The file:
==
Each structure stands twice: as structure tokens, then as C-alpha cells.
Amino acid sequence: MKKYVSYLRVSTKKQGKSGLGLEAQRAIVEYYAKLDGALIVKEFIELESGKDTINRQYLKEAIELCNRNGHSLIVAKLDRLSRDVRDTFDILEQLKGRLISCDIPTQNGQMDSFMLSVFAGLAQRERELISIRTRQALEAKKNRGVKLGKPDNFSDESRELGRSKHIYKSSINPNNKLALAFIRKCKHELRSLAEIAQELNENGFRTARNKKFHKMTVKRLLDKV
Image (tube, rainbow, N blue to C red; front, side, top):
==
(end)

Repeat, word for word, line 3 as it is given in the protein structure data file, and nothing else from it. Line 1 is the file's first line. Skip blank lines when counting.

Image (tube, rainbow, N blue to C red; front, side, top):